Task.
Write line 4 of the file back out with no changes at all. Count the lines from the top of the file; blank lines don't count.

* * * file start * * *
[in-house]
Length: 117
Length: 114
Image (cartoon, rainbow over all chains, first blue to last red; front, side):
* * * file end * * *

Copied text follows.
Image (cartoon, rainbow over all chains, first blue to last red; front, side):